England captain Andrew Flintoff believes that his side's upcoming defence of the Ashes in Australia could be "the biggest series ever" in cricket history.
Flintoff, speaking as the team flew out from Heathrow Airport in London on Friday for Sydney ahead of the first Test against Australia in Brisbane on November 23, was the star of the 2005 Ashes with 402 runs and 24 wickets in England's 2-1 series victory.
That represented England's first series success against Australia in 19 years sparked a huge surge in cricket interest in the land of its birth.
But Flintoff said he wasn't sure if the same sense of 'Ashes fever' that gripped the British sporting public a year ago could ever be recaptured.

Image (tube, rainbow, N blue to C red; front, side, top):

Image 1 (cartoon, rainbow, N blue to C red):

"It is going to be tough. We know that 2005 was something special and whether that can be recreated I am not quite sure," said the Lancashire pace bowler and hard-hitting batsman.
"In England each Test match got bigger and bigger and we got a real feeling of what the Ashes was about."
"It was the first time I had played in them and this is the first time I will have played an Ashes series in Australia; so too for a few of the lads and there is a real excitement."
"This is the reason we play. We are going over there to play in what could be the biggest series ever so there is an excited group of lads."
Australia, revitalised by a run of 11 wins in 12 Test since the Ashes are likely to provide likely to provide an even sterner challenge for England on home soil.